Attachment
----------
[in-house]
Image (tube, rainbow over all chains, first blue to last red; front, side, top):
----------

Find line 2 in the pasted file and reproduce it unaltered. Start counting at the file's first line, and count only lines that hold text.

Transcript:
Image (tube, rainbow over all chains, first blue to last red; front, side, top):